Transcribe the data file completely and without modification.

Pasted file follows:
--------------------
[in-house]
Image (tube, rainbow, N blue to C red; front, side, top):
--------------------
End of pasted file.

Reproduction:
[in-house]
Image (tube, rainbow, N blue to C red; front, side, top):